Dynamic Microphones

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What is a dynamic microphone and how does it work? 

A Dynamic Microphone also known as a moving coil microphone is essentially built like a speaker in reverse. A coil is glued to the back of the diaphragm with a strong magnet surrounding the coil. When soundwaves reach the microphone, the diaphragm moves with it, the movement of the coil within its magnetic gap generates a small signal voltage inside the coil, which then produces amplified sound. 

Most Dynamic microphones have a Cardioid polar response pattern meaning they filter out noise from behind the microphone and pick up everything in front of it. Dynamic microphones also boast a flat frequency response, they can capture and directly handle high-volume sources such as guitar amplifiers and drums, unlike condenser microphones. 

When to use a dynamic microphone? 

Dynamic microphones are the ideal live microphone, with their durable high-quality build they can withstand the heaviest of treatments night after night.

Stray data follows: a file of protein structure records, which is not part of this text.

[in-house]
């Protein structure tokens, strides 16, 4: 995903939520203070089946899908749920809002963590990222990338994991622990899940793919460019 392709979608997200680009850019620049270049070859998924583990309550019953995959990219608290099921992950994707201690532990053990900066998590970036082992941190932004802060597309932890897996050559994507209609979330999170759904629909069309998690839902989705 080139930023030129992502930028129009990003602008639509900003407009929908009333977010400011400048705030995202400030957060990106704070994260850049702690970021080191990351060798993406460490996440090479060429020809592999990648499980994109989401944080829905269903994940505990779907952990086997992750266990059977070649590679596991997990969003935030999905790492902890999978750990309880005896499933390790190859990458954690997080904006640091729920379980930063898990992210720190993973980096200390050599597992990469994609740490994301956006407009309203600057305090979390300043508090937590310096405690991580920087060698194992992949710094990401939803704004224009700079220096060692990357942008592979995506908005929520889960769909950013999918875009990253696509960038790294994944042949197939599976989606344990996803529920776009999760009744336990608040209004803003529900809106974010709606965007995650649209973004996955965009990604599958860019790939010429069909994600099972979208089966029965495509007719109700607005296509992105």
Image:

Dynamic Microphones such as the Shure SM58 Dynamic Vocal Microphone and Sennheiser e945 Dynamic Mic have become famous industry standards for live performance vocals, due to their low sensitivity and cardioid polar pattern they can withstand high gain without feeding back.  

Are dynamic microphones good for recording vocals? 

Dynamic microphones are excellent for recording and capturing vocals, voiceovers, podcasts and any voice-based application.  

Dynamic microphones such as the Shure SM7dB Active Dynamic Microphone are a go-to choice for most podcasters, broadcasters and content creators as they’re less susceptible to picking up other sound sources than a condenser microphone, which makes them a great choice for when you have multiple people in one room. They are also great for recording live bands as they can capture more of a single sound source among many. 

Do dynamic microphones require phantom power? 

Being passive, they don’t require any power like a condenser microphone and are linked to a sound source like a speaker or an amplifier through and XLR cable. However, in most cases applying phantom power to a dynamic microphone will not damage it. 

Need help choosing a microphone? We’re here to help, so contact us if you have any questions.